“In life and art both, as it seems to me, we are always trying to catch in our net of successive moments something that is not successive.”

I love the idea of seeking or reaching for something we kind of know, we almost see, we suspect is there, yet somehow evades us. With Lewis’s metaphor, the best aspirations of life could be the best accomplishments of stories. In life we want to achieve a qualitative state, and we hope to maintain it. (Most of us keep failing to catch it.) We go to the arts to experience a distilled version of a qualitative state. (Of any number of qualitative states.) We return to certain works of art because they do so well at allowing us to experience that distilled qualitative state again.

Of course, not everyone agreed with Lewis’s view of stories, including his former student turned friend John Wain, an acclaimed writer in his own right who would “frequent the Inklings.” Read Wain’s recollection of his differences with Lewis on the purpose of stories here.

Tolkien and the ‘Actualism of Story-Growing’


From a post at The Flame Imperishable:

“It wasn’t just that Tolkien’s tale grew in the telling, but the very concept, for example, of what a hobbit is was something that grew and developed as Tolkien told the story about him. We sometimes think of stories or fictional beings such as hobbits as having a Platonic form, whether in the mind of God or not, that the author or sub-creator simply ‘discovers.’ But this is not how the fictions of our minds work.” Read the entire post: Actualism of Story-Growing.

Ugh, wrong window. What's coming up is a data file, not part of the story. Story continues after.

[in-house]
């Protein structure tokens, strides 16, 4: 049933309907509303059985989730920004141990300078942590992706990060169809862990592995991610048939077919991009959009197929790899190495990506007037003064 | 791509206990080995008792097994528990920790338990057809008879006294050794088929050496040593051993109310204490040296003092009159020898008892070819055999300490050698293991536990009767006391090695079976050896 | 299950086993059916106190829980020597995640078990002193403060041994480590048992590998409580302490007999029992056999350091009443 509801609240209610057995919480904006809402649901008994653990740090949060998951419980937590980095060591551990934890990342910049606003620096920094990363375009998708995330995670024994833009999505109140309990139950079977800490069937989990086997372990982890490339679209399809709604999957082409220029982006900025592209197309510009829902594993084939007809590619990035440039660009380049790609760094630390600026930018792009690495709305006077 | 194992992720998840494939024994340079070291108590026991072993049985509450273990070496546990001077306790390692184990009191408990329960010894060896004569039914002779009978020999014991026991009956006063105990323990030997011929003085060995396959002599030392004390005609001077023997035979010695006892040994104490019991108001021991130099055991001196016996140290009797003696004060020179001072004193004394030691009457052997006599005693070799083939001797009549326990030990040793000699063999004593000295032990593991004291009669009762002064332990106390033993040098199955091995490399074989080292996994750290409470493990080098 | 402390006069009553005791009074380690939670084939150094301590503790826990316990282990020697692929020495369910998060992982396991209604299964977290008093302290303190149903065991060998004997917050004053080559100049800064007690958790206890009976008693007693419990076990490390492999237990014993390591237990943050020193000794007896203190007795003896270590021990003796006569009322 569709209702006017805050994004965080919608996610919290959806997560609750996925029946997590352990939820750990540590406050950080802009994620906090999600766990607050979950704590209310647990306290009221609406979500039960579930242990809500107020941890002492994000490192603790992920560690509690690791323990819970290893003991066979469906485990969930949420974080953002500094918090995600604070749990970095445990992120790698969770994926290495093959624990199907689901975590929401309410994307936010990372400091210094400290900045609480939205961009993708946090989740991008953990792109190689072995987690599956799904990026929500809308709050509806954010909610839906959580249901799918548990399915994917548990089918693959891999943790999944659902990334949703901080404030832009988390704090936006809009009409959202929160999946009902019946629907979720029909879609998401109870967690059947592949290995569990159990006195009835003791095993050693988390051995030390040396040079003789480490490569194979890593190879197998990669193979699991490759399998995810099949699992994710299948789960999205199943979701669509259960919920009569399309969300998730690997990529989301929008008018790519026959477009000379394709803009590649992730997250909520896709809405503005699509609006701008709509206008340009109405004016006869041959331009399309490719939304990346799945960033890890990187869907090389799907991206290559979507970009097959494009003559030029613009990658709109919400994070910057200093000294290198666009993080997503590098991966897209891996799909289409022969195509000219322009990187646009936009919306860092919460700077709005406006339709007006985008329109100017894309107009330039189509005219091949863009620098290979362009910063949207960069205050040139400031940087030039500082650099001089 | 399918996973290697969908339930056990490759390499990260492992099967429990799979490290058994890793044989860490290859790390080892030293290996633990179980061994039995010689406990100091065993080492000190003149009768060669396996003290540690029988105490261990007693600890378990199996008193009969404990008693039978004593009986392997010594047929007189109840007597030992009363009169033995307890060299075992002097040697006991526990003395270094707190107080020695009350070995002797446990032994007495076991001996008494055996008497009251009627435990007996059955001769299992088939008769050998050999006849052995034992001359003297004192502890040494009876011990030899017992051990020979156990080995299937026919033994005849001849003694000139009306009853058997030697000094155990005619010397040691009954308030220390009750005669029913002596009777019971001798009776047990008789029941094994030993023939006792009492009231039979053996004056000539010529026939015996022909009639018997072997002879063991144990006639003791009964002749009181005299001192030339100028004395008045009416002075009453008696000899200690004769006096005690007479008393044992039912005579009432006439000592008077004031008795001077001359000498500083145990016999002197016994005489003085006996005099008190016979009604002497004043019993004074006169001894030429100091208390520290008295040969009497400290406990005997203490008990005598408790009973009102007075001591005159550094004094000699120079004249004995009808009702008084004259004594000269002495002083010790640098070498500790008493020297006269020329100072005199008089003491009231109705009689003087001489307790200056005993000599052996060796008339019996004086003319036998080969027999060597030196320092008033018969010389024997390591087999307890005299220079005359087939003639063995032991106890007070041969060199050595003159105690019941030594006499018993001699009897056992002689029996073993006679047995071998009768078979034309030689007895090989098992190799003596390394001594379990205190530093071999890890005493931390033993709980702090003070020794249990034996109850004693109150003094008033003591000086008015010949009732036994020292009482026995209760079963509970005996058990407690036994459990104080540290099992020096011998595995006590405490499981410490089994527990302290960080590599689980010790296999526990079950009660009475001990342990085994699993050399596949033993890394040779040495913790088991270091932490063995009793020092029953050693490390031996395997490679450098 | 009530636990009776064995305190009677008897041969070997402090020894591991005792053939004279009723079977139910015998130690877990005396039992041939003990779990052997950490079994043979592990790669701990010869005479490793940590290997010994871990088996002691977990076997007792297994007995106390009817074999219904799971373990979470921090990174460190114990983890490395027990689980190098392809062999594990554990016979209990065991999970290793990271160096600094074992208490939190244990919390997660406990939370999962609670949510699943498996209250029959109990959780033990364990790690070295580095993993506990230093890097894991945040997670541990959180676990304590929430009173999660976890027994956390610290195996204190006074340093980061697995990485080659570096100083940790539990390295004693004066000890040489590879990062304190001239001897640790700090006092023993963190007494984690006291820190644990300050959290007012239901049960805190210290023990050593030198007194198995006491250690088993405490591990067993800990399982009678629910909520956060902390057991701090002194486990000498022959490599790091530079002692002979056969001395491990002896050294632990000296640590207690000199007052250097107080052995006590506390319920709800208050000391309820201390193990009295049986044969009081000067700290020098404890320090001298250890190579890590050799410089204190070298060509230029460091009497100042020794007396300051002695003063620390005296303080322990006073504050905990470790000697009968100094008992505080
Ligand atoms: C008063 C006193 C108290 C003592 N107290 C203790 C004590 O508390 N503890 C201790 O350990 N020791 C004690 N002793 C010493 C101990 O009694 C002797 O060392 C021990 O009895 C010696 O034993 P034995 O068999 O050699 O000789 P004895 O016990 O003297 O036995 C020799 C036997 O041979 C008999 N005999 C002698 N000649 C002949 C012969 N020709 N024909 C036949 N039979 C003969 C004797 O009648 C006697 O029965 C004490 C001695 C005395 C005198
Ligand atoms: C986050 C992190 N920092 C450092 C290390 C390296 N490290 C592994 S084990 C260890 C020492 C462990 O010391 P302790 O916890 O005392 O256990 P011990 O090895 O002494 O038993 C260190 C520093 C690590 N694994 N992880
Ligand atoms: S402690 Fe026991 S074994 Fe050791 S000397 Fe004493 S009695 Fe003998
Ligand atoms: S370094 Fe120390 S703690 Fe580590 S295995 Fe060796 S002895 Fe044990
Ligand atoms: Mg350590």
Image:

Please also see: 

Paul Holmer on how literature functions

Umberto Eco on theory and narrative

James K.A. Smith: ‘We were created for stories’

The tragicomic in daily life: internal blindness in Chekhov’s characters

Bob Dylan on Religion


I blog about religious issues, so it might seem counter-intuitive to post something against religion. But no matter what good comes from religious people, and no matter how much I think about God-related stuff, I’ve spent most of my adult life thinking Blaise Pascal was right to say much strongly motivated evil stems from religious convictions. (Pascal had more depth, breadth, and nuance in his thinking than his famous Wager, taken by itself, might suggest.)

In our time, Bob Dylan seems to have the same idea as Pascal:

“Religion is a dirty word. It doesn’t mean anything. Coca-Cola is a religion. Oil and steel are a religion. In the name of religion, people have been raped, killed, and defiled. Today’s religion is tomorrow’s bondage,” Dylan once said, as quoted in Dylan: The Biography by Dennis McDougal.

h/t to J.D. Landis

Please also see Bob Dylan on Morality.

‘Marx in Soho’ and the current political climate


Howard Zinn, in his 1999 play Marx in Soho, has Karl Marx say something like, “Why is it that every movement of six people is trying to expel someone?” In Zinn’s imagination, even Marx is exasperated at the ideological zealotry that can lead a group as small as six people (with essentially the same goals and values) to wage an intense purity campaign within its own ranks. It’s food for thought in these times, when someone who agrees with you 75% of the time can be 100% your enemy. There is no room for compromise, is there? Better a scorched Earth than a shared Earth, right? Just to be sure, you have to keep everyone within your ranks pure enough. Be vigilant.